David Edelstein's scariest movies of all time

George A. Romero's first feature film was an ultra-low budget horror flick, shot in the Pittsburgh area, about a swarm of flesh-eating zombies. Romero returned to the genre with "Dawn of the Dead," "Day of the Dead," "Land of the Dead," "Diary of the Dead" and "Survival of the Dead."
Walter Reade

(CBS News) As we head towards Halloween a new found-footage horror film "Paranormal Activity 4," is expected to be big at the box office. It got us thinking: What are the scariest movies ever made?

We asked "CBS This Morning" viewers to take our poll, and their choices? "The Exorcist," "Halloween," "The Silence of the Lambs," "Psycho," "Alien" and "The Shining."

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We also asked film critic David Edelstein to share with us his favorites.

He pointed out that his choices were not his favorite horror movies, but the scariest. "There are horror films, like 'Frankenstein,' that are my favorites, but they don't make you jump up. Anybody can make a 'boo' movie. Any bum can throw a spider at you and you jump!

"What 'Blair Witch Project' [number three on his list] did was teach us that there's nothing scarier than nothing, or if not nothing, than nothing with a little something on the side you just can't quite see, that triggers your fight-or-flight instinct, your primitive instinct that makes you want to get up and run. You know there's a threat but you don't know why."

Edelstein's picks:

No. 5: The Innocents," based on a Henry James story, "The Turn of the Screw"

"It's about a governess who takes care of two children who may be or may not be haunted by the ghost of their previous governess - we don't know," Edelstein said. "Here's the thing: It could be a projection in her mind, it could be real. We just don't know, and it's that not knowing that gets under your skin. The scariest thing I saw as a kid was a shot of the governess across the pond just standing, staring. Is she a ghost? Did we imagine her? I took it to my bed and my dreams, I've never forgotten it."

No. 4: "Jaws"

"'Jaws' exploited everybody's terror of the sea, about what could be underneath the water we don't see," Edelstein said. "Steven Spielberg teased us, he caught us off-guard. Even when we knew what was coming, we didn't know when it was coming."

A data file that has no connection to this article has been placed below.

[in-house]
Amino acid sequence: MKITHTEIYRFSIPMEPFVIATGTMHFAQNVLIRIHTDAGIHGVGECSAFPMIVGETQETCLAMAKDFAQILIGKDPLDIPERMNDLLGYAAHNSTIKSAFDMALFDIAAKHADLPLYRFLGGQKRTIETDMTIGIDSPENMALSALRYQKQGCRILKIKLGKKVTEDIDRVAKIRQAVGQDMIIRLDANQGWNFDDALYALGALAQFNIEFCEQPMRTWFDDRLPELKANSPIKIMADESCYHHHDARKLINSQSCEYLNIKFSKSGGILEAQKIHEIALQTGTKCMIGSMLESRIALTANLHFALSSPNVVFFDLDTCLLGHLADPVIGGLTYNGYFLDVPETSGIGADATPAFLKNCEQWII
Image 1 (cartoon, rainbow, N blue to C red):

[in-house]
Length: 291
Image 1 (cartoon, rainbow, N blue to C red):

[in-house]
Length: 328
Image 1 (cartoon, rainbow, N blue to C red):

He remembered being in the theater on opening night when the shark appeared just as Roy Scheider was cracking a joke about throwing chum in the water: "The laugh came out of our mouth and the shark popped up and I swear to God, the entire theater levitated as one. We went crazy. We were insane. We'd never seen anything like it. We didn't even hear his great laugh line that came after, 'You're going to need a bigger boat.' We didn't hear it."

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No. 3: "The Blair Witch Project"

Edelstein said the found-footage "Blair Witch Project' used our attachment to modern technology and the subjective camera to triggered our imagination, showing you . . . nothing. Nothing!

No. 2: Alfred Hitchcock's "Psycho"

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And the number one scariest movie of all time? George A. Romero's zombie film, "Night of the Living Dead."

"For me everything was different after 'Night of the Living Dead,'" Edelstein said. "It was the late Sixties, society was in upheaval. Suddenly you saw apocalypse, plague. You saw children eating their parents. You saw brothers eating their sisters. That movie contained everything was going on on the street. Who cares if it was laughable? It was something we had never seen before. And It did not have a happy ending.

"Nothing was ever the same for movies after 'Night of the Living Dead.' Zombies were not funny back tne. Now they are comic. At the time those cannibal ghouls got into our dreams and became a metaphor for everything we thought was wrong and scary about American society. And it's still there. It's still taken hold."

And what of the latest entry in the "Paranormal Activity" series? "It was frighteningly boring!" Edelstein said. "I actually liked the first one. The first one did get under your skin, simply because your point of view was so narrow. You didn't have this omniscient point of view - it all came through a video camera. This is now business-as-usual.

"There's such a thing as anticipation, but when you're sitting there for an hour going, 'Okay, we get it, we're waiting..." Then when it finally comes and it's nothing, people were booing the screen."

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